The EU Commission on Wednesday (April, 9) published new rules on public support for environmental protection and energy that will replace the existing guidelines on aid for Environmental protection entered into force in 2008. The new rules replace subsidies for renewable energy sources with market-based schemes, providing for the gradual replacement of feed-in tariffs by feed-in premiums.
The Regulation will be adopted in May 2014 and enter into force on 1 July 2014. A pilot phase in 2015 and 2016 will request Member States to start implementing competitive bidding procedures for a small share of their new capacity from renewables, and from 2017 on they will had to set up tenders to grant support to all new installations, official notice says. The guidelines will be in force until the end of 2020, but they will have no effect on aid paid to the owners of existing installations.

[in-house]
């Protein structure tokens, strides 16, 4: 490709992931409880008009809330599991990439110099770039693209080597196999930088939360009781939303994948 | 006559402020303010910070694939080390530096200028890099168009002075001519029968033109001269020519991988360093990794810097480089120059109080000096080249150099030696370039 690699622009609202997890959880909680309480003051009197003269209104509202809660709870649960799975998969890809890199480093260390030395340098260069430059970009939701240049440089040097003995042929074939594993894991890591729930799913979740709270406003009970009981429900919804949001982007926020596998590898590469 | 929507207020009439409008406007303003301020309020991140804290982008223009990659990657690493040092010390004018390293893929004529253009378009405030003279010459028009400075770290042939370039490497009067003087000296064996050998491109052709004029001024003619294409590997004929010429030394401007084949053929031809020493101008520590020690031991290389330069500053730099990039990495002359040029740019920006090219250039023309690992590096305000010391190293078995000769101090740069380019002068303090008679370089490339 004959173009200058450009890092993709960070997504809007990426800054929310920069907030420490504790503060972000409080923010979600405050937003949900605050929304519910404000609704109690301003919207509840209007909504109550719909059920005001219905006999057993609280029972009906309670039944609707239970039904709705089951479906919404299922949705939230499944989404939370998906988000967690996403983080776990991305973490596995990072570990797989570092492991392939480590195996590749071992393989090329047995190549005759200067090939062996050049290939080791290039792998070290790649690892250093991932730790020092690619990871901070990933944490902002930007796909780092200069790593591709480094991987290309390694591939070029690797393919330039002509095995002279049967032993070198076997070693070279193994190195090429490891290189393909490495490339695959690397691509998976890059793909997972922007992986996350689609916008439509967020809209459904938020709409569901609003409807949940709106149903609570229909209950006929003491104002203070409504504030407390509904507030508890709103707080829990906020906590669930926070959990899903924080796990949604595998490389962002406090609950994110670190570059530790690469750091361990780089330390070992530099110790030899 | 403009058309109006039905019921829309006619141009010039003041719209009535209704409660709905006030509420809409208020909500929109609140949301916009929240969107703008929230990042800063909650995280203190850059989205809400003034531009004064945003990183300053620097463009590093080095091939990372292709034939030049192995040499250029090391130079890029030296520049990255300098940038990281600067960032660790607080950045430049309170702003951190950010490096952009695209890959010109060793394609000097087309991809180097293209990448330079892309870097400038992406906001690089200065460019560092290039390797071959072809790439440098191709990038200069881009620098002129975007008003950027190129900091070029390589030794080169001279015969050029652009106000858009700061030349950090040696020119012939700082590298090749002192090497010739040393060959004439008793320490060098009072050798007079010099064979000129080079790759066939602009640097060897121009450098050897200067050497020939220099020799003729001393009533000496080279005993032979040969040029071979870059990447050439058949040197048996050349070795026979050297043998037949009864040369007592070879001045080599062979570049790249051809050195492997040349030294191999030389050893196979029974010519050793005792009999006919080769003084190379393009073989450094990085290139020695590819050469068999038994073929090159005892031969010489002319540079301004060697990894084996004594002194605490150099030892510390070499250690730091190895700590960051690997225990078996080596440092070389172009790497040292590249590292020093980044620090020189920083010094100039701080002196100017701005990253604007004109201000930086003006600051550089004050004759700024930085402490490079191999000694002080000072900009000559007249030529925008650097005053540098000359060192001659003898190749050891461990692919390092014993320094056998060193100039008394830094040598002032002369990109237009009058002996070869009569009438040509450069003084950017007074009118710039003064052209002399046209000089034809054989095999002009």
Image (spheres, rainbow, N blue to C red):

The aim is to address “the market distortions that may result from subsidies granted to renewable energy sources”. The Commission explains that “the remarkable growth of renewable energy over recent years, partly induced by public support, has helped to make progress on environmental objectives but has also caused serious market distortions and increasing costs to consumers”.
The decision received strong criticism from several fronts, Reuters reported. Many pointed out Germany reached a compromise deal that allow Berlin to set special rules for individual sectors. Environmental groups denounced new rules allowing for exemptions also in energy-intensive energy sectors will lead to to more use of coal and efforts to develop shale gas, not more green power. The European Wind Energy Association said it is appropriate that the increasingly competitive wind industry be integrated into the market, but that the Commission should eliminate all fossil fuel subsidies as a priority.